The NNPC is the beating heart of Nigeria’s economy but has posted losses for the paost three years
Nigerian lawmakers on Tuesday voted to probe the state oil company for allegedly failing to remit funds to the government.
There is an “urgent need” to investigate the “under-remittances” of the Nigerian National Petroleum Corporation (NNPC), said Nicholas Ossai, a member of the opposition People’s Democratic Party (PDP).
The 100 billion naira ($277 million, EUR236 million) shortfall is not connected to the oil price, which has been high in recent months, and is “likely as a result of some individuals not doing what they are supposed to,” Ossai said in the motion.
“It’s a question of when you see the effect and impact,” Ossai told AFP.
“The people who have worked have not received their salaries,” Ossai said, adding that the NNPC has “always given one reason or the other that are not cogent”.
The motion from the lower chamber comes after Finance Minister Kemi Adeosun said on June 28 that remittances from the NNPC were “unacceptable”.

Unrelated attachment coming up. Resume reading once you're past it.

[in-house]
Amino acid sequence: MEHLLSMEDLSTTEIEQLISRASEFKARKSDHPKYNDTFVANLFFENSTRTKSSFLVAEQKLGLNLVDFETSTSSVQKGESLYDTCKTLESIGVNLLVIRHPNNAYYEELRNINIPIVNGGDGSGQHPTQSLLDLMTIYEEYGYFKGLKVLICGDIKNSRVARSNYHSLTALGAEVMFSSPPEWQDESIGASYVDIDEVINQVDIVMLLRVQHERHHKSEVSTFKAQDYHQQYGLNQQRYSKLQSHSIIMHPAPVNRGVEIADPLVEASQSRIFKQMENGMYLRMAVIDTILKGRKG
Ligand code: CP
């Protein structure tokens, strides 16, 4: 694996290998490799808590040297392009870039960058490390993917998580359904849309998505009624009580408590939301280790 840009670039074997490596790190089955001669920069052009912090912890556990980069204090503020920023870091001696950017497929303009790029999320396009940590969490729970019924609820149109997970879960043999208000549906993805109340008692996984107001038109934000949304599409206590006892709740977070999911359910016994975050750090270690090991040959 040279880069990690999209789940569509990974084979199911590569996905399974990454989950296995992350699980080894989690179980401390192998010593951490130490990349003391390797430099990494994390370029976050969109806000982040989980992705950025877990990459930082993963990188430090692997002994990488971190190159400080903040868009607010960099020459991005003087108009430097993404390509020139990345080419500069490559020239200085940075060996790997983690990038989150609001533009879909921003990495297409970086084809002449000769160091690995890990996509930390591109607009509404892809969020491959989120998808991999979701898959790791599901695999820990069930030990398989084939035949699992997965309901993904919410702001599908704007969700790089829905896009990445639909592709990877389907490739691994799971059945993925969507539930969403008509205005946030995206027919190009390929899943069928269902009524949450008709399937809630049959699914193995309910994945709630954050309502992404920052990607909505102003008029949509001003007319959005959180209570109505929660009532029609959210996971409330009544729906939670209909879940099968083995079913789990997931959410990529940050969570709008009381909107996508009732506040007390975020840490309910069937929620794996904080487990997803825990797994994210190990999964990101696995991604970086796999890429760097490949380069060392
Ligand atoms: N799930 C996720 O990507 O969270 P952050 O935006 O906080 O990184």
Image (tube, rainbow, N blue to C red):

Adeosun said that oil proceeds have become an issue and that the government was investigating the NNPC’s claims that the funds were lower than expected because of the deduction of fuel subsidies.
The NNPC is the beating heart of Nigeria’s economy, which is reliant on oil for two-thirds of its state revenues and the vast majority of its export earnings.
The company, which has had a reputation for opaque accounting, has posted losses for the past three years, according to Bloomberg News.
Former central bank governor Lamido Sanusi was suspended after alleging that the NNPC failed to remit $20 billion in one year.
Legislation to commercialise the NNPC needs to be signed by President Muhammadu Buhari into law after being passed by the Senate and lower chamber House of Representatives earlier this year.
After nearly two decades of debate, the Petroleum Industry Governance Bill is set to overhaul the oil industry with the goal of improving profits and transparency.